Cameron Howe (Mackenzie Davis) is the breakout character of the series. Not only does she embody 80s style in her hair and clothes, but she also hangs out at arcades with a quarter tied to her belt, references VCRs and predicts the dial-up internet. She's outwardly anti-establishment enough to keep the show from being antiseptic. Cameron is set up efficiently in the first act of “I/O,” which depicts her own knack for brilliance and trouble, as well as the outside the box thinking that gets MacMillan's attention. She's unfortunately missing from the middle of the episode, lost in the Clark family drama and the set up of MacMillan's long-term game. The pacing suffers from her loss, as the tech talk gets painfully precise.
MacMillan serves almost like the Devil on the shoulders of Cameron and Clark. He tempts Clark by appealing to his vanity as well as his intellect, while tempting Cameron with the idea of helping to explore and shape the future of computers. They trust him enough to put their futures in his hands only to realize they could also wind up unemployed or incarcerated. By the end of the pilot, there’s little trust and a great deal of heat on the three of them. He’s manipulating them both for his own gain, but he’s also manipulating them into being better versions of themselves. It’s a subtle card that I’m glad they haven’t overplayed; it will likely develop throughout the season.
A distracting piece in all of this is the company MacMillan and his friends currently work for. It’s run by a group of Texans — we know this because their accents are overwrought, they wear cowboy hats and they outright tell us they’re Texans no fewer than four times in the span of the episode. Indicated by the setup in the pilot and the promos for the season, the corporate Texans will play a large role going forward and will hopefully have greater definition than the Lone Star State guys that yell for the sake of it.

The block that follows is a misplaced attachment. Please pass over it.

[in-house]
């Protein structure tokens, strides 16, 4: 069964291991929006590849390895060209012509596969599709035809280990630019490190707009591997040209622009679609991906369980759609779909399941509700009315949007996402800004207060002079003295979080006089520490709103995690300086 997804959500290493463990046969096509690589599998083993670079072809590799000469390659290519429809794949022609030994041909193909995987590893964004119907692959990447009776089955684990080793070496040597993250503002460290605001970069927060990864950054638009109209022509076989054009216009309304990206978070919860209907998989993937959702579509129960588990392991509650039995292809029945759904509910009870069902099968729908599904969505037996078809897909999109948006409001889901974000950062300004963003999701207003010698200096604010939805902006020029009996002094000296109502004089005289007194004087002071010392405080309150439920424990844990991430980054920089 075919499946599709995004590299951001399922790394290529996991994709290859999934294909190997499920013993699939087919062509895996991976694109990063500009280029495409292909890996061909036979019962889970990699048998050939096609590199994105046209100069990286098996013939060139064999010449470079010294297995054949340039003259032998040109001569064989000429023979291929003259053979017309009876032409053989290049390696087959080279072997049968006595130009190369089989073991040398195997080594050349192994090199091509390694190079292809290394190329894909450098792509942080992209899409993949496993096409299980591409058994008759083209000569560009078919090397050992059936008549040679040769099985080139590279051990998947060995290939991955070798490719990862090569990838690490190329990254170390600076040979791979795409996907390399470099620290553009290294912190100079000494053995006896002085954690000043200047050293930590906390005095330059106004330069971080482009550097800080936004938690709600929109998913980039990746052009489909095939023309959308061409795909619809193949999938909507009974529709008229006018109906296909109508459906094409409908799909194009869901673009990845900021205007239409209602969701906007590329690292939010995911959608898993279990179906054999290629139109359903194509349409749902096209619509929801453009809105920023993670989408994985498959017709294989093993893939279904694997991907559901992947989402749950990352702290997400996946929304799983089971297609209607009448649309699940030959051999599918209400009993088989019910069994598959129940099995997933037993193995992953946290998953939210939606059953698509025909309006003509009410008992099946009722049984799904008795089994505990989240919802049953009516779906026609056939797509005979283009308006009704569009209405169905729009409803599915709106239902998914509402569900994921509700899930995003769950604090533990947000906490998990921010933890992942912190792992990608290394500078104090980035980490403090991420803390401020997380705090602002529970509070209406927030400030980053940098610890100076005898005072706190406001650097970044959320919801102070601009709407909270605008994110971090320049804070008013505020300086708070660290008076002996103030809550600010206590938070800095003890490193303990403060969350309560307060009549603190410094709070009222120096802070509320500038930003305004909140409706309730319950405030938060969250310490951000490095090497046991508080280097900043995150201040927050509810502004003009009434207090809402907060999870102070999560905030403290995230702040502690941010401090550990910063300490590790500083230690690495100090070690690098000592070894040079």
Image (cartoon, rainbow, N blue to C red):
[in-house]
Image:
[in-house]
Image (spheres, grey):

The last act involves a number of character and plot twists which helps stir the audience back to life after the thrill that is discovering how technology works in vast detail. (Useful tip: take a shot after anyone says "chip" in show; it'll help move things along.) The episode wraps up by pulling its leads together, only for a much larger conflict to emerge: not only is IBM gunning for them, but so is their own employer. Other items – the definite power struggle between MacMillan and Clark, MacMillan's prior disappearance and Cameron's unpredictability – leave enough threads hanging to warrant watching more episodes.
The Americans, basic cable’s other 80s drama, makes for an excellent companion piece for Halt and Catch Fire. They’re both taking place within a year of each other, and both are dealing with the advent of computers and how they’re changing the world slowly but surely. If the decade was about a certain level of indulgence and decadence, both keep their reference measured. Both are series that happen to take place in the not too distant past and are defined by the decade, but neither uses it as a gimmick. That takes a great deal of creative self-control, and if Halt and Catch Fire can stand up next to a show like The Americans then it’s worth giving a chance.
Halt and Catch Fire airs Sundays at 10 p.m. on AMC.